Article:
On the challenges of using field spectroscopy to measure the impact of soil type on leaf traits

Working with 24 chemical and physical leaf traits of six European tree species growing on strongly contrasting soil types (i.e. deep alluvium versus nearby shallow chalk), we asked whether variability in leaf traits is greater between tree species or soil type,
and whether field spectroscopy is effective at predicting intraspecific variation in leaf traits as well as interspecific differences.

Nunes, M.H; Davey, M.P.; Coomes, D.A.
2017
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Remotely sensed indicators of forest conservation status: Case study from a Natura 2000 site in southern Portugal

We test the complementarity and joint effectiveness of airborne multispectral and laser scanning (lidar) in providing robust indicators of conservation status.Principal forest types and other land covers are mapped to an accuracy of up to 70% (11 land cover classes) and 81% (5 classes) by fusing the two remote sensing datasets, results that are superior to using either one alone.

Simonson, W.D.; Allen, H.D.; Coomes, D.A.
2013
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Testing the metabolic theory of ecology

An argument that critical evaluation of MTE also requires strong tests of both its theoretical foundations and simplifying assumptions. To this end, we synthesise available information and find that MTE’s original derivations require additional assumptions to obtain the full scope of attendant predictions.

Price, C.A. et al.
2012
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Optical and SAR sensor synergies for forest and land cover mapping in a tropical site in West Africa

Classification of a study area in West Africa we integrated the optical sensors Landsat Thematic Mapper (TM) and the Advanced Visible and Near Infrared Radio meter type 2 (AVNIR-2) with the Phased Arrayed L-band SAR (PALSAR) sensor, the latter two on-board the Advanced Land Observation Satellite (ALOS), using traditional Maximum Likelihood (MLC) and Neural Networks (NN) classifiers.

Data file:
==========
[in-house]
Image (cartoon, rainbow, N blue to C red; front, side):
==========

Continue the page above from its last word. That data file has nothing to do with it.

Laurin, G.V. et al.
2012
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TRY – a global database of plant traits

Presentation of the global database initiative named TRY, which has united a wide range of the plant trait research community worldwide and gained an unprecedented buy-in of trait data: so far 93 trait databases have been contributed.

KATTGE, J. et al.
2011
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Mapping community change in modified landscapes

We convert point observations of more than 28,000 beetles from 851 species into a continuous biodiversity surface representing the similarity of ecological communities relative to that of pristine forest, effectively integrating on-the-ground biodiversity data with remotely sensed landcover data to predict the magnitude of community change in a modified landscape.

Ewers, R.M.; Kapos, V.; Coomes, D.A.; Lafortezza, R.; Didham, R.K.
2009
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Testing the Metabolic Scaling Theory of tree growth

Metabolic Scaling Theory (MST) predicts a ‘universal scaling law’ of tree growth. Proponents claim that MST has strong empirical support: the size-dependent growth curves of 40 out of 45 species in a Costa Rican forest have scaling exponents indistinguishable from the MST prediction. This paper shows the Costa Rican data has been misinterpreted. Using Standardized MajorAxis (SMA) line-fitting to estimate scaling exponents, we find that four out of five species represented have scaling exponents that deviate significantly from the prediction.

Coomes, D.A.; Allen, R.B.
2009
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